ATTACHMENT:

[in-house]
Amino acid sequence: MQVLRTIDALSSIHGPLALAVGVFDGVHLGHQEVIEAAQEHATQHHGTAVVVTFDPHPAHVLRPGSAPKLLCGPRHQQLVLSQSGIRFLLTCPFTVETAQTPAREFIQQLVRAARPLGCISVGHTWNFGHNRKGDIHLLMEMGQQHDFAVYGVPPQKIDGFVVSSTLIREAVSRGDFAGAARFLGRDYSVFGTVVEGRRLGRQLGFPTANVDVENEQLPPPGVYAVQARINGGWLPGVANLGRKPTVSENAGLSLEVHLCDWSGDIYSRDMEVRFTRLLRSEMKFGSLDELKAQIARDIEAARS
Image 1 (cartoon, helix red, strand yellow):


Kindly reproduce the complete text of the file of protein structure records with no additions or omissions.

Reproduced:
[in-house]
Amino acid sequence: MQVLRTIDALSSIHGPLALAVGVFDGVHLGHQEVIEAAQEHATQHHGTAVVVTFDPHPAHVLRPGSAPKLLCGPRHQQLVLSQSGIRFLLTCPFTVETAQTPAREFIQQLVRAARPLGCISVGHTWNFGHNRKGDIHLLMEMGQQHDFAVYGVPPQKIDGFVVSSTLIREAVSRGDFAGAARFLGRDYSVFGTVVEGRRLGRQLGFPTANVDVENEQLPPPGVYAVQARINGGWLPGVANLGRKPTVSENAGLSLEVHLCDWSGDIYSRDMEVRFTRLLRSEMKFGSLDELKAQIARDIEAARS
Image 1 (cartoon, helix red, strand yellow):